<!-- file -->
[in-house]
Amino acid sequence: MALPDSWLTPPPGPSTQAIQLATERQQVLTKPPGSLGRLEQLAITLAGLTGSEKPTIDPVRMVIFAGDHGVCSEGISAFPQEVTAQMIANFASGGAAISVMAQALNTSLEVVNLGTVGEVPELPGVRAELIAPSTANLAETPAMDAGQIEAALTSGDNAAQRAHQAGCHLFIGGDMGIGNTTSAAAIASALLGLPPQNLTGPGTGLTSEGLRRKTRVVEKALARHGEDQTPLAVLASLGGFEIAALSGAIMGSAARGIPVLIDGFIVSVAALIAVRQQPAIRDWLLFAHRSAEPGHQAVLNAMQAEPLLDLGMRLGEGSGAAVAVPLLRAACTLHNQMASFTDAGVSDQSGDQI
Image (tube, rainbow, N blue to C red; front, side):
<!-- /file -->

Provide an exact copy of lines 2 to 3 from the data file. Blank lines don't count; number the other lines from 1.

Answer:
Amino acid sequence: MALPDSWLTPPPGPSTQAIQLATERQQVLTKPPGSLGRLEQLAITLAGLTGSEKPTIDPVRMVIFAGDHGVCSEGISAFPQEVTAQMIANFASGGAAISVMAQALNTSLEVVNLGTVGEVPELPGVRAELIAPSTANLAETPAMDAGQIEAALTSGDNAAQRAHQAGCHLFIGGDMGIGNTTSAAAIASALLGLPPQNLTGPGTGLTSEGLRRKTRVVEKALARHGEDQTPLAVLASLGGFEIAALSGAIMGSAARGIPVLIDGFIVSVAALIAVRQQPAIRDWLLFAHRSAEPGHQAVLNAMQAEPLLDLGMRLGEGSGAAVAVPLLRAACTLHNQMASFTDAGVSDQSGDQI
Image (tube, rainbow, N blue to C red; front, side):